For 50 years, the world's most famous fashion show has been remembered best for the missteps.
Our favorite “Oscary” outfits (from left): Bjork lays an egg in Marjan Pejoksy, 2001; Cher shocks in Bob Mackie, 1986; Barbra Streisand’s cheeky seethrough Arnold Scassi, 1969.
Does anyone really watch the Academy Awards for the movies? Of course not. Armed with a bevy of stylists, makeup artists, fashion assistants and salivating designers from Madison Avenue to Melrose Place jonesing to get noticed on the red carpet, our movie stars have become more fashion icons than mere actors.
It wasn’t always this way. Jane Fonda recalled that before she received her Best Actress Oscar for Klute in 1972, she pulled a 5-year-old black Yves Saint Laurent pantsuit out of her closet and did her own hair and makeup. It wasn’t the most compelling ensemble, but she is to be forgiven since the mega-machine that is Tinseltown fashion today had yet to be invented.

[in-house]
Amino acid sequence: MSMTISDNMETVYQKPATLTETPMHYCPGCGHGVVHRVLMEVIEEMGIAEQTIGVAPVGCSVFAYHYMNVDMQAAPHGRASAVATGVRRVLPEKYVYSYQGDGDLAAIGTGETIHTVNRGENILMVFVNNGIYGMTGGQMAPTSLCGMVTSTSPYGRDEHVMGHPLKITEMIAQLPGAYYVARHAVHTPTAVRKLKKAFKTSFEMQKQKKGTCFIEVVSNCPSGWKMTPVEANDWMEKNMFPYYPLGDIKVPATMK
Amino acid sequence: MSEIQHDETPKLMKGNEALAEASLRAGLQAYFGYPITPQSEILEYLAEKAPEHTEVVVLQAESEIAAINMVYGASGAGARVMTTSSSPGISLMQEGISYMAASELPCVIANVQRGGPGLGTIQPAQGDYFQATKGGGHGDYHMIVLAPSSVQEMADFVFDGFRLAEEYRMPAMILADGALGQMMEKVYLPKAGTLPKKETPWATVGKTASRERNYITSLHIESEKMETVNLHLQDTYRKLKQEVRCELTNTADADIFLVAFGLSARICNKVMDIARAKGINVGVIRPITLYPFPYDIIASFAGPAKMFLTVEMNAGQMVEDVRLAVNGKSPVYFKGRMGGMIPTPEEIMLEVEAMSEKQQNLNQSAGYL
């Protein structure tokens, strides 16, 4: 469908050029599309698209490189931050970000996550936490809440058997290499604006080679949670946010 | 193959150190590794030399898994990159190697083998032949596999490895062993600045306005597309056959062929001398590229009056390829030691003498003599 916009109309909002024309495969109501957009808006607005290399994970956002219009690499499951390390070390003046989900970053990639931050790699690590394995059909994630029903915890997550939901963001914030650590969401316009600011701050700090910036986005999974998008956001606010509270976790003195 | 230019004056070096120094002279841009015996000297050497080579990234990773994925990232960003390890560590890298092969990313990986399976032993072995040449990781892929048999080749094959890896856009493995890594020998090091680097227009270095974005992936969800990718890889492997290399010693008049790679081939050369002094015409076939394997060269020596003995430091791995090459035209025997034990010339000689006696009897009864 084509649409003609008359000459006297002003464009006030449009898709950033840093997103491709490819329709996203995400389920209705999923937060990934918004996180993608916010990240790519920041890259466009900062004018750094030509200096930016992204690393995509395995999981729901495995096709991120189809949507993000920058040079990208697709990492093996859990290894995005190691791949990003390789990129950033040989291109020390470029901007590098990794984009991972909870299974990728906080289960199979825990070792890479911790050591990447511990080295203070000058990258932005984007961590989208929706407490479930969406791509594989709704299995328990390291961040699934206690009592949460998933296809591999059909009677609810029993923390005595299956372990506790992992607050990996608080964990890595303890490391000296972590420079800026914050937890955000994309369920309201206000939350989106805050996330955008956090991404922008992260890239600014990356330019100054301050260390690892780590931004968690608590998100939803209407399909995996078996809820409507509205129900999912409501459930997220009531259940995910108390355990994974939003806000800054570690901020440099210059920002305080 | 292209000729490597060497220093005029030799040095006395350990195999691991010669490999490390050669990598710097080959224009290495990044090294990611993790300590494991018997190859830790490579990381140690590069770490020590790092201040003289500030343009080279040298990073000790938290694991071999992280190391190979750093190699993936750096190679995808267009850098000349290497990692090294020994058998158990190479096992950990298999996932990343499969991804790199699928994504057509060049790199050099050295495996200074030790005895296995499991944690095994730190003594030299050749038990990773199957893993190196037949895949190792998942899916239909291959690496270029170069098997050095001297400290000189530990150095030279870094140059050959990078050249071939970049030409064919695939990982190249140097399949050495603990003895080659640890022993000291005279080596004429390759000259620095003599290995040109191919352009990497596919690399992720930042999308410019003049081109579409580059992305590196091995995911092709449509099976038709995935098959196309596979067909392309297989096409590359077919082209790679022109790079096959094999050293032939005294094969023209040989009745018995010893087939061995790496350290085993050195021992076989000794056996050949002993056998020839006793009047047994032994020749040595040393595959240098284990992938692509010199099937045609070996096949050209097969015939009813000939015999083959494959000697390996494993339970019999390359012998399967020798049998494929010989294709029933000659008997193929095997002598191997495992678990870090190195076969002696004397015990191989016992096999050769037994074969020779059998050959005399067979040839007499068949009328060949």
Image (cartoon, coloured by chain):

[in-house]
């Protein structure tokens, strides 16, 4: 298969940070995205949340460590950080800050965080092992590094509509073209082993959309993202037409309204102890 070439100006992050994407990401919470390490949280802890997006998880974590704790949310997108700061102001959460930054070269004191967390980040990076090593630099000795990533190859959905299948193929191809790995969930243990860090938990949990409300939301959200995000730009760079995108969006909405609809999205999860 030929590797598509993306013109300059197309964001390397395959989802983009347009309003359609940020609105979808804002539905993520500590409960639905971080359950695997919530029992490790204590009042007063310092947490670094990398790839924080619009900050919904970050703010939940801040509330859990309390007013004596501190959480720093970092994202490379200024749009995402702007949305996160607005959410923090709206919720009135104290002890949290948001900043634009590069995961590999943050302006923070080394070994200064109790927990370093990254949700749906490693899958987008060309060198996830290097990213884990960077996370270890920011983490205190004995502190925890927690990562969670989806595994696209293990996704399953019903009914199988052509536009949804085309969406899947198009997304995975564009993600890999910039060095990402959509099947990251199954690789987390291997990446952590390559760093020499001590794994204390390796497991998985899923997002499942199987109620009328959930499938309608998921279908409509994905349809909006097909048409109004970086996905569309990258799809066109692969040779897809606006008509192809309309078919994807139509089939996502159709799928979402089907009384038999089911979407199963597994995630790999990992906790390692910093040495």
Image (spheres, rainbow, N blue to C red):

Amid the glittering parade of stunning gowns over the years, what we remember best are the really big missteps: Celine’s backwards white tuxedo, Gwynnie’s braless Goth look, Faith Hill’s multipastel-hued taffy candy number. It all started exactly 50 years ago when “Funny Girl” Barbra Streisand donned a diaphanous black pantsuit that, as she strutted to the stage amid the glaring lights to accept her Best Actress Oscar, exposed her perky backside for all to see. Oops. On the other hand, serial offender Cher made a calculated mistake (sans apologies, natch) with her outrageous nude Bob Mackie outfit at the 1986 awards (for fashion-forward drag queens, Cher never disappoints). The most infamous Oscar get-up to date? That award has to go to kooky Icelandic singer Bjork’s Marjan Pejosky swan dress with white tights she wore in 2001, an ensemble that Ellen DeGeneres sported to great comic effect later that year at the Emmys. In fact, that swan dress still shows up as a Halloween favorite 18 years after it was first hatched. Fashion misstep? In Hollywood, we call that longevity a hit franchise. Two wings up.